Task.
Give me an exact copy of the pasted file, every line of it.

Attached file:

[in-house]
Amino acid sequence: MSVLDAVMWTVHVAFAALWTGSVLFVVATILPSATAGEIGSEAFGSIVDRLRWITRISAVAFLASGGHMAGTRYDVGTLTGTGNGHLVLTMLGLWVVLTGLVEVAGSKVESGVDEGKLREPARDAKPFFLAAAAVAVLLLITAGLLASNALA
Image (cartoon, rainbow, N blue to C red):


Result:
[in-house]
Amino acid sequence: MSVLDAVMWTVHVAFAALWTGSVLFVVATILPSATAGEIGSEAFGSIVDRLRWITRISAVAFLASGGHMAGTRYDVGTLTGTGNGHLVLTMLGLWVVLTGLVEVAGSKVESGVDEGKLREPARDAKPFFLAAAAVAVLLLITAGLLASNALA
Image (cartoon, rainbow, N blue to C red):